food and me..

Tuesday, July 04, 2006

Ezhu Kari Kootu

I asked my husband the other day what would he like to have for Sunday lunch and he said ‘Ezhu kari kootu', which means Kootu made of 7 vegetables. Though its called 7 kari kootu, atleast 10 different kinds of veggies go into this typically. I pulled up my good old ‘Meenakshi ammal’s cook book and checked the recipe. This kootu is especially made on ‘Thiruvadarai’ to go with ‘Kali’. Now I’m not a big fan of kali, I’ve made sambar with tons of veggies before but have never called it ‘7 kari kootu’. So I decided to stick to the recipe and tried to find suggested veggies; I got everything but mochai kottai, after some brainstorming decided to substitute Lima beans for ‘Mochai kottai’. I made it like a Sambar, instead of a thick kootu. With chock full of colorful veggies and lentils, this is not only a healthy dish but absolutely delicious. I served it with hot rice, a dash of ghee and fried appalams on the side, now what more can one ask for on a Sunday afternoon ! Later, I headed to the couch straight after lunch and took a nice well-deserved nap!

Recipe adapted from Meenakshi Ammal’s ‘Samaithu Paaru’.
Assorted vegetables – Beans, Green drumsticks, carrots, Green peppers, Raw Bananas, white Pumpkin, Lima beans, yellow squash, zucchini – chopped, 3 cups.
Toor Daal – ½ cup
Tamarind – ¼ cup, soaked in hot water
Water – 2 cups
Coconut – ½ cup
Dried red chilies – 10
Dhaniya seeds – 1/3 cup
Channa Daal – ¼ cup
Oil – 4 tbl spoon
Curry leaves – 10
Mustard seeds – 1 tspn
Asafoetida, a pinch
Salt, per taste

Grind coconut, Red Chilies, Dhaniya seeds and Channa daal to a fine paste with water. Set aside.
Extract tamarind pulp and set aside.
Cook Toor Daal. While this is cooking, heat 2 tables spoon of oil in a big sauce pan, add veggies and fry for 3 minutes.
Now add the tamarind extract and salt and cook till the raw smell of tamarind is gone(about 20 minutes).
Add the ground paste and cooked/mashed daal. Let the whole thing come to a boil and reduce heat and simmer for 5 minutes.
Heat remaining oil in a small pan and add the mustard seeds and Asafoetida. Once the seeds pop, add curry leaves and give it a quick toss. Pour on top of the Sambar. Serve hot with rice.

What with the lentils, lima beans and a mix of veggies, I’m going to send this over to Sweetnicks, as my entry for ARF-5.

Summer is for Vadam

After a week of heavy rains, sunny days are here to stay now! We decided to make the most of the hot weather and made 'Vadam' !! My mom is visiting and has been wanting to make Vadams since the time she saw the deck in the backyard ! Now I'm sure everyone from India has some vadam/papad making memories. When I was growing up, every summer a week to 10 days would be dedicated to making an annual supply of Vadams; they'd be distributed to busy aunts, neighbours who don’t have the time to make their own. And some would also set up a barter system, making different kinds of vadams and exchanging a batch of one for another. It was always fun for the kids, we'd be asked to help around and guard the vadams from smart, clever crows and other birds, that'd swoop down at the right moment and grab a mouthful and fly away! Wonderful memories there..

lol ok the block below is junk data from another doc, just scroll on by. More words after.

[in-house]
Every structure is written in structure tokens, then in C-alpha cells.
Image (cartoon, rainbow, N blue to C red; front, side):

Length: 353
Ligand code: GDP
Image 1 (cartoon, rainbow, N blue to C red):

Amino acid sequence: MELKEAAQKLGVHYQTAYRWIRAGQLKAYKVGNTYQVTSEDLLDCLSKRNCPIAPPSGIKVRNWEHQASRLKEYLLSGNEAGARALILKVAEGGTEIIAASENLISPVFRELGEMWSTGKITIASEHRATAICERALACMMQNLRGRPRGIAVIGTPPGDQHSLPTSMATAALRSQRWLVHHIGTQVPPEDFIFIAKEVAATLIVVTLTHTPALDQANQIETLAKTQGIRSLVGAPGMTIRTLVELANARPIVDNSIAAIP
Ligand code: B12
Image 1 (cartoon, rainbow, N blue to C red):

I wonder if this tradition still continues. My mom tells me that she doesn’t make as much as she used to when we were growing up. I always get my annual supply from my mom or my mother-in-law. Unfortunately, I never learnt to make Vadams . Its on my ‘things to learn & try’ list. I just hope its not one of those dying art forms, where everyone is busy and nobody has the time to make a batch of Vadam from scratch.

Tuesday, May 02, 2006

Bonda, Mysore

Though I started the Tamil food series with great enthusiasm, along the way I slowed down a bit; I’m not able to spend as much time doing this as I thought I could. With a toddler, a full-time job and home & garden requiring constant attention, I never run out of excuses. But I finally got some time to myself this weekend and tried making Mysore Bondas. I’ve no idea why they’re called Mysore Bonda, similarly there is Mysore Rasam which I love and make often. Perhaps these foods were traditionally made by Mysore Iyengars, that's the only explanation I could come up with.

Bondas and Bajjis are an all time favorite snack back where I come from. And of course I’m sure every family has some ‘Sojji-Bajji / Ponnu pakkara’ memories!! In an arranged marriage scenario, the prospective groom’s family would visit the prospective bride’s family. Usually the visits would be scheduled during tea-time,